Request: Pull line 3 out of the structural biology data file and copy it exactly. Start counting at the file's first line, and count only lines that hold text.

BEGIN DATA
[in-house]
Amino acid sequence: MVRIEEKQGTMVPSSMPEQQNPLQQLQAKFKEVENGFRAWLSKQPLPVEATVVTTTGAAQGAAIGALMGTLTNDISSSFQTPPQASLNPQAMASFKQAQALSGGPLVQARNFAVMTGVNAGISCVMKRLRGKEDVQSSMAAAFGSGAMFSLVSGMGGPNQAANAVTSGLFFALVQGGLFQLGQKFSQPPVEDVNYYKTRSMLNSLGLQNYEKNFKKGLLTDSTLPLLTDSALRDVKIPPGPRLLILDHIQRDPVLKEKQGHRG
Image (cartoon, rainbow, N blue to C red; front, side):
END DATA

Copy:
Image (cartoon, rainbow, N blue to C red; front, side):